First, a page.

When I talked to Gill yesterday, she began by asking what had happened during the week. Ha! I could tell she was expecting me to say, “Oh, not much. Just the usual..I scrounged the neighbourhood looking for dogs I could borrow, the garbagemen sent me another nasty report card, The Pig threw up in the car…”
But this time I surprised her. “Well, the good news is that I don’t need to go looking for dogs anymore. And it’s a good thing I cleared some space in the basement…”
“And why is that? Are you planning to finish the basement finally? Or are you starting a dog breeding centre below stairs? I wouldn’t put it past you.”
“No. And thanks for the vote of confidence, by the way. How stupid do you think I am? L’il Sis will be moving home and the basement will be filled up with her stuff. I’ll put it right next to your stuff, Crazy D’s stuff and my dead mother’s stuff…”
“She’s moving back? You do realize she comes with The Pig, don’t you?”
“Yes. Well, I have been missing Poochie. It will be nice to have a dog around. But I’m glad I didn’t bother replacing the carpets after L’il Sis’ last go round here. With The Pig’s tendency to pee when she’s annoyed, that would have been a waste of money. So, just a heads-up…when you come home at Christmas, be careful where you step on the broadloom. And you might not want to do your laundry here…The Pig’s hair tends to stick in the machines. The sheets might be a bit hairier than usual.”
“Great. At least L’il Sis will be staying in Crazy D’s old room. Mine will still be as I left it, ready to go.”
“Hmm…about that. It seems that Crazy D may be staying here for a while too. So L’il Sis will be in your room for a bit. But at Christmas, when you’re all here, she will move back to her old room, displacing the birds. They will then, once again, become ‘The Refugee Camp’ for displaced canaries in the upstairs hallway.”
“I can’t believe it. I can’t leave you alone for a few weeks without you people going nuts. And what about Crazy D’s puppy, Mr. Pants?”
“Well, hopefully he may come for a while too.”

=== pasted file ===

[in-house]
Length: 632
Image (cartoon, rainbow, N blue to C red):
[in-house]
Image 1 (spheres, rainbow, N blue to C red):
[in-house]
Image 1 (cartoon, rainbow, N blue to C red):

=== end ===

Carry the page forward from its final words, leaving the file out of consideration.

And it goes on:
“What a nightmare. You do realize you will have all three of us home at once, plus two dogs, one of whom takes umbrage if she’s not at the top of the pecking order? OMG. You’ll be awash in a sea of piddle! I might decide to rethink visiting at Christmas.”
“You can’t. Your ticket is paid for and I can’t afford to eat the ticket money. I’ll be needing it for carpet cleaning solution.”
I remember, having been raised in the 50s and 60s, that there was a certain ‘order’ to one’s life. You grew up, got your education, got a job (women only until they married), got a dog and a house to put it in, had kids, the kids left, you retired, travelled a bit, then died (not as a consequence of travelling.) Things were simple.
My family didn’t get that memo. No sirree. They went away to school. They quit school. They went back to school. They didn’t like it. They got jobs. Didn’t like those. Back to school. Back home with me. Out again. Back home again. Different apartments, sometimes every few months, all cheap, most with rats or other lifeforms not included in the rent. They have significant others. They break up. When Gill brought The Scottish lad home, I figured it was a done deal. I mean, that’s a long way to come to ‘meet the family’. Just when it looked permanent and I had the monogrammed towels picked out, up it goes in smoke. Now all we’ve got to show for the whole mess is a few crap apartments, an assortment of dogs, one kid tied to her job or she’ll be deported, another with three-and-a-half jobs (no dental, medical or pension…but free stylish eyeglasses), and one whose hobbies compete with his job in terms of which will kill or maim him first. Where, oh where have I failed??!!!